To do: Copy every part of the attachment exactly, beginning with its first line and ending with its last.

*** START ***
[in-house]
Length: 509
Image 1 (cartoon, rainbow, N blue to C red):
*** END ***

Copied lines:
[in-house]
Length: 509
Image 1 (cartoon, rainbow, N blue to C red):